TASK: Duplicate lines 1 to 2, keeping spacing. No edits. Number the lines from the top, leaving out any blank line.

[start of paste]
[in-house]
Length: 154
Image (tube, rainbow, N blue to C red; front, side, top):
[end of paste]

[in-house]
Length: 154